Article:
In a much-belated decision, on Wednesday outgoing Defense Minister Benny Gantz announced that the body of the terrorist Nasser Abu Hamid, murderer of seven Jews and Arabs and a founder of Fatah’s Al-Aqsa Martyrs Brigades, will be kept in Israel and not be transferred to the Palestinian Authority.
The announcement follows a Cabinet decision from two years ago whereby Israel would hold on to the bodies of dead terrorists until Hamas releases the bodies of Oron Shaul and Hadar Goldin who were killed in Gaza in 2014, as well as two living Israeli citizens.
Gantz’s decision ignores the fact that Abu Hamid was a Fatah man while the soldiers’ bodies are held in Hamas captivity.
A Hamas spokesman on Tuesday accused Israel of violating international law by refusing to release the body.
Abu Hamid, who was close to the terrorist leader and PA Chairman Mahmoud Abbas’s heir apparent Marwan Barghouti, died on Tuesday from terminal cancer at the Shamir (Assaf Harofeh) Medical Center in Be’er Ya’akov.
In 2002, when he was 22, Abu Hamid was indicted at the Jerusalem District Court for his involvement in a series of attacks and murders of Jews, for which he was sentenced to life imprisonment. There were 13 different counts, including the murder of the Kahana couple, planting a bomb in the Bianchini cafe in Jerusalem, the murder of Gad Rajoan in Atarot, and the attack on the Sea Food Market in Tel Aviv.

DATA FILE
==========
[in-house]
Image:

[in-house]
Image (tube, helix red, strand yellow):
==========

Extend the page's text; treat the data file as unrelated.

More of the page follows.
Chairman Abbas said in a statement that Abu Hamid was “martyred as a result of the policy of deliberate medical negligence” and held the Israeli occupation responsible.
Abbas announced that “we will launch a broad international campaign to put everyone before their legal and historical responsibilities in order to provide protection to the defenseless Palestinian people in the West Bank, East Jerusalem, and the Gaza Strip,” adding that it is unacceptable for the world to continue its silence and turn a blind eye to the Israeli crimes.
The Organization of Islamic Cooperation (OIC) held Israel fully responsible for the death of Abu Hamid, suggesting he died “as a result of the policy of deliberate medical negligence and deprivation of basic rights, practiced by the Israeli prison administration against prisoners.”
The OIC called for “an international commission of inquiry to investigate this new crime, which is only the latest in the series of Israeli crimes perpetrated against the Palestinian people, including prisoners.”
The only question remaining is, why did Gantz wait two years to start applying his own correct decision?